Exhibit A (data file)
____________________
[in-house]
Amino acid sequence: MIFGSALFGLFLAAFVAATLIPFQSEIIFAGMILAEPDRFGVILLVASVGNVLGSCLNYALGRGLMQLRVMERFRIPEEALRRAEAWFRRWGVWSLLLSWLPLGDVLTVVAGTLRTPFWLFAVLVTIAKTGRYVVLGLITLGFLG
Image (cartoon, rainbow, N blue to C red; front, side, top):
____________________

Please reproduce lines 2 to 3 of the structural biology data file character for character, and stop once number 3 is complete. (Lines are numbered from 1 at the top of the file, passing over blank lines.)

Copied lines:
Amino acid sequence: MIFGSALFGLFLAAFVAATLIPFQSEIIFAGMILAEPDRFGVILLVASVGNVLGSCLNYALGRGLMQLRVMERFRIPEEALRRAEAWFRRWGVWSLLLSWLPLGDVLTVVAGTLRTPFWLFAVLVTIAKTGRYVVLGLITLGFLG
Image (cartoon, rainbow, N blue to C red; front, side, top):